SOCOM is looking into putting its own cubesats on orbit, but its also looking into hosted payloads with other constellations, from DARPA's project Blackjack to commercial satellites like Starlink or OneWeb.
At the 2018 Special Operations Forces Industrial Conference, special ops forces from the U.S., Poland, Finland, Colombia, Hungary, Italy, Singapore and Romania show off their capabilities during a hostage rescue demonstration. (Jeff Martin/Staff)
U.S. Special Operations Command advocated for a light-attack capability as essential to its operations during a recent hearing on Capitol Hill, though the Air Force's recent decisions hint the service may not be as eager.
The informally named “Iron Man” suit that U.S. Special Operations has been developing will start to come together over the next 18 months with a first prototype expected to be fully built by the end of 2018.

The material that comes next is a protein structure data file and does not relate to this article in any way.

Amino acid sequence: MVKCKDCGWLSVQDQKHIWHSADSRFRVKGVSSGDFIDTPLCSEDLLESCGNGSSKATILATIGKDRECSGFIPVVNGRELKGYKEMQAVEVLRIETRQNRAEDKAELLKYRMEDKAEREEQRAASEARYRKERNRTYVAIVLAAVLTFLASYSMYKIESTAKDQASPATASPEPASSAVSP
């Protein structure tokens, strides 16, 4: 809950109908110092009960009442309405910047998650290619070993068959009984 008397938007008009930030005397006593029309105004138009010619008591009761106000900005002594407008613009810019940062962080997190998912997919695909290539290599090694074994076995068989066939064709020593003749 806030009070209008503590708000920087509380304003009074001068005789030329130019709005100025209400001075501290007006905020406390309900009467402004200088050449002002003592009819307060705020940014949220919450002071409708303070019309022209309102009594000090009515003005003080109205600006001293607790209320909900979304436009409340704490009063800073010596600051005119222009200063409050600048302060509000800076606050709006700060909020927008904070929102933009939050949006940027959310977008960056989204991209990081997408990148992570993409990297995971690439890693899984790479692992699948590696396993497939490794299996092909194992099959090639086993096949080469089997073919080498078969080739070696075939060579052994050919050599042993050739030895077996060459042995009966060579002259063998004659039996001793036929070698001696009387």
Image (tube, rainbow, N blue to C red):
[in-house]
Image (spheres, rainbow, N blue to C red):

In recent years, Special Operations Command has dealt with a spike in fatal parachute accidents, with 2015 being one of the deadliest years for operators in free-fall training. A California-based company is hoping to help SOCOM make jumps training safer through virtual reality.
U.S. Special Operations Command is struggling to develop and implement technology that will help it get a handle on the large amount of information it must sift through to stay informed, make decisions and execute operations.
US Special Operations Command is launching a new effort to tackle drone and robotics technology hurdles rapidly, the same way it experiments with other capability problem sets through its SOFWERX model.
A web of swarming unmanned aircraft systems that can spoof enemy drones could be a solution to the shot doctrine problem when exercising counter-UAS capabilities, the vice president of science & technology at Cintel, the company developing the technology, said at the Special Operations Forces Industry Conference.